alexa The phylogeography of Amazonia revisited: new evidence from riodinid butterflies.
Bioinformatics & Systems Biology

Bioinformatics & Systems Biology

Journal of Phylogenetics & Evolutionary Biology

Author(s): Hall JP, Harvey DJ, Hall JP, Harvey DJ

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Abstract A fully resolved cladogram for 19 species in the Charis cleonus group of riodinid butterflies, which have closely parapatric ranges throughout the Amazon basin, is used to derive an area cladogram for the region. This represents the first comprehensive species-level analysis using insects and results in a hypothesis of Amazonian area relationships that is the most detailed to date. The Charis area cladogram is interpreted as supporting an historical vicariant split between the Guianas and the remainder of the Amazon and then between the upper and lower Amazon. The latter two clades can be further divided into the six most widely recognized areas of endemism and even smaller endemic centers within these, some of which, especially along the Madeira and lower Amazon Rivers, have never been previously hypothesized for butterflies. The overall pattern of historical interrelationships indicated is Guiana + ((Rondĵnia + (Pará + Belém)) + (Imeri + (Napo + Inambari))). The area relationships for riodinid butterflies show substantial congruence with those presented from the literature for amphibians, reptiles, birds, primates, rodents, and marsupials, suggesting a common vicariant history for these organisms. A summary area cladogram generated by combining area cladograms for all the aforementioned groups of organisms indicated the pattern of historical interrelationships to be (Guiana + (Rondĵnia + (Pará + Belém))) + (Imeri + (Napo + Inambari)). Charis cleonus group species distributions are noticeably larger around the upland periphery of Amazonia and smaller in the central and lower regions. A significant positive correlation between the proportion of range area above 100 m and total range size for each species is used to suggest that past sea-level rises may explain smaller range sizes in low-lying regions and that riverine barriers have been important in shaping the current distribution of C. cleonus group species.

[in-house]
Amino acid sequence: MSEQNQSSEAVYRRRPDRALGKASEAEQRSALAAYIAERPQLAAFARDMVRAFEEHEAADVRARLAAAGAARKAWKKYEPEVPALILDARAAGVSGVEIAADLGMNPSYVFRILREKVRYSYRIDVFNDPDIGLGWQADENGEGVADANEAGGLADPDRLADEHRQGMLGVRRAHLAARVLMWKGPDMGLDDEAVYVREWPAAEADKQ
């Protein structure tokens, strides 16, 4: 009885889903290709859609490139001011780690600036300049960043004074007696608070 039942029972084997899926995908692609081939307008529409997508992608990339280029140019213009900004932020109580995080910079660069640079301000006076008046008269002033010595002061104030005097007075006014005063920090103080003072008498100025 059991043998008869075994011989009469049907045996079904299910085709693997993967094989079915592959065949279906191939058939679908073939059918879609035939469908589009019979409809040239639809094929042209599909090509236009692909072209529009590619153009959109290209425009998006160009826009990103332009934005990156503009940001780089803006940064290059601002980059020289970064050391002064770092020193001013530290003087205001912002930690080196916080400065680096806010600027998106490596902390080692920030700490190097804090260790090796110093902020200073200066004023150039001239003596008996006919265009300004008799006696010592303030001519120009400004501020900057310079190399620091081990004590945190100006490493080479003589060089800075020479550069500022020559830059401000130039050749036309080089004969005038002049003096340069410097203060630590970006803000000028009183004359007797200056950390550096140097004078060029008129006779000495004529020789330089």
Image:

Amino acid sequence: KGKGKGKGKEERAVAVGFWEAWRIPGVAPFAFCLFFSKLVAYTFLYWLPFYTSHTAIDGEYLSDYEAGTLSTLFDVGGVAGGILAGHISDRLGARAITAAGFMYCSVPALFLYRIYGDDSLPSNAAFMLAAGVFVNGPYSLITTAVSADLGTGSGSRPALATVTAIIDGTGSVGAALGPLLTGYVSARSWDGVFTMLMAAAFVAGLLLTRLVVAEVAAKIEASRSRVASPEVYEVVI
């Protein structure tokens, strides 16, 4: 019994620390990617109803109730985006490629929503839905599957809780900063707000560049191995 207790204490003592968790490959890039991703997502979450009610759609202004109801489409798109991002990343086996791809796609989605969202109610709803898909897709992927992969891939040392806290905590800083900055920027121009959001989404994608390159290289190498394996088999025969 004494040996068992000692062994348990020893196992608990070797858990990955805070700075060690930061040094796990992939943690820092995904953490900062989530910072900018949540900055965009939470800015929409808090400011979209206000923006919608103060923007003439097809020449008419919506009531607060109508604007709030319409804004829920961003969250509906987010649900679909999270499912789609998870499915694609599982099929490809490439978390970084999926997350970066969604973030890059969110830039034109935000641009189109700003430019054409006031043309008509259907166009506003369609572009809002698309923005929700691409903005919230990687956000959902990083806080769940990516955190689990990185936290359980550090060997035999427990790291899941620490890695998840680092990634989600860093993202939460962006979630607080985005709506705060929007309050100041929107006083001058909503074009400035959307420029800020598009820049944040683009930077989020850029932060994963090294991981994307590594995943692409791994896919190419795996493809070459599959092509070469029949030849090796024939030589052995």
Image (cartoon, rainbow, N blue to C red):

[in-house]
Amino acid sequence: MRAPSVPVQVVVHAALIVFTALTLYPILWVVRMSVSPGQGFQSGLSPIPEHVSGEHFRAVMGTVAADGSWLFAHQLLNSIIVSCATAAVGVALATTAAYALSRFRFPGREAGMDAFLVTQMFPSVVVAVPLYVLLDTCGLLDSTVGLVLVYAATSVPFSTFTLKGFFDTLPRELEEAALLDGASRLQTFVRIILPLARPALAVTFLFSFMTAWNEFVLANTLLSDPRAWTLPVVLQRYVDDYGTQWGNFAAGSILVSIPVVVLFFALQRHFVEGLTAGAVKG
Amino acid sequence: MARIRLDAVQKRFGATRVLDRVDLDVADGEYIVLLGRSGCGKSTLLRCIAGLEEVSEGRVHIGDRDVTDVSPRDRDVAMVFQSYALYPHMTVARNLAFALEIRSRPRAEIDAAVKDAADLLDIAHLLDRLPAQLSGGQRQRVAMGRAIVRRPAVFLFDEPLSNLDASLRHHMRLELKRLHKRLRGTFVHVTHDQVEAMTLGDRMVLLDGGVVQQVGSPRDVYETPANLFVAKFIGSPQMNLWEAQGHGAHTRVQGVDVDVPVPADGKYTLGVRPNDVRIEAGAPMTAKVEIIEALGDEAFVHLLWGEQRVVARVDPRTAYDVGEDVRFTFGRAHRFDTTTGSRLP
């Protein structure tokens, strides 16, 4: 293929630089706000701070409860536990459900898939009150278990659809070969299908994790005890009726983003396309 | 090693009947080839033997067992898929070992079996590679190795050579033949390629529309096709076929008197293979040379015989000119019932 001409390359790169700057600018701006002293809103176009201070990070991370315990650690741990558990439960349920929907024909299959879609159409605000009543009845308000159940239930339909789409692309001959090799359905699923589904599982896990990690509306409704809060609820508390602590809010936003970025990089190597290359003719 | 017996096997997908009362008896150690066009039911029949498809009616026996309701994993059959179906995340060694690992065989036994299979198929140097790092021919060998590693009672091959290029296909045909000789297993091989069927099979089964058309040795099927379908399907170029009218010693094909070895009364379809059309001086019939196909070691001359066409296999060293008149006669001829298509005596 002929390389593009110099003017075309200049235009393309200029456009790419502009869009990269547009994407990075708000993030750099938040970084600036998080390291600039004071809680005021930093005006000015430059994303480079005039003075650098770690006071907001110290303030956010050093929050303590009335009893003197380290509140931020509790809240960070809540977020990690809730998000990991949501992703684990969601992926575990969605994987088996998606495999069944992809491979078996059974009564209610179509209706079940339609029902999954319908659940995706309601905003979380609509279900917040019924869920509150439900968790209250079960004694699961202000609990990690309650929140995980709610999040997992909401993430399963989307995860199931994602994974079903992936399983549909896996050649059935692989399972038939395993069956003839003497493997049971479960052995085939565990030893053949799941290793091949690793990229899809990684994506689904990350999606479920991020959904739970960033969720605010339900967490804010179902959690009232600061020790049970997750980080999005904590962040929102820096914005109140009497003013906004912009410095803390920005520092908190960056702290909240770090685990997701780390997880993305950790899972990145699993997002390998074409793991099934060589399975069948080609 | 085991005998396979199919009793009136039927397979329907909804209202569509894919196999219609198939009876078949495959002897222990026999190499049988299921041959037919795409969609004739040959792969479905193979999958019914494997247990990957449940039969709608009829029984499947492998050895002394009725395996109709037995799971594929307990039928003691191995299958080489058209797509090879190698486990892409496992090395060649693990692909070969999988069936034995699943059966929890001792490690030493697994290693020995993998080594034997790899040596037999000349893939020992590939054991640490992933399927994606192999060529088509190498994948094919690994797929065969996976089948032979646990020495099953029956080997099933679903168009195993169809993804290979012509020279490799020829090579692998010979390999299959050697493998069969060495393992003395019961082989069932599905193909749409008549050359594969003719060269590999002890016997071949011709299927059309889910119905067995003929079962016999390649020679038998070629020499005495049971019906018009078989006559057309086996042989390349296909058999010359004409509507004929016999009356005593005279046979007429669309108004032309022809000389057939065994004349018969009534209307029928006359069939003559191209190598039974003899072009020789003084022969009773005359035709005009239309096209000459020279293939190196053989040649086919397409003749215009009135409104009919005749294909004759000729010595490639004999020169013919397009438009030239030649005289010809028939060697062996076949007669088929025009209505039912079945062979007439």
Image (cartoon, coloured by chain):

This article was published in Evolution and referenced in Journal of Phylogenetics & Evolutionary Biology

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